The same conclusion must be reached with the assault offenses at issue in appellant's case, for as we previously noted the lesser offense of subsection 2702(a)(4) assault pertains only to assaults caused or attempted with a deadly weapon. This element is not found in the greater assault offense described in subsection 2702(a)(1). It is therefore possible that a subsection (1) assault may be proved in some cases without necessarily proving a subsection (4) assault. We therefore hold that subsection 2702(a)(4) assault is not a lesser included offense of subsection 2702(a)(1) and according we find that the lower court did not err when it refused to charge the jury with the lesser offense.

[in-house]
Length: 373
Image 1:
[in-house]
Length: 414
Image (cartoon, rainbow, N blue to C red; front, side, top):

[ 313 Pa. Super. Page 243]

Finding no merit in any of appellant's issues, we affirm.



© 1998 VersusLaw Inc.

Buy This Entire Record For $7.95

Official citation and/or docket number and footnotes (if any) for this case available with purchase.

Learn more about what you receive with purchase of this case.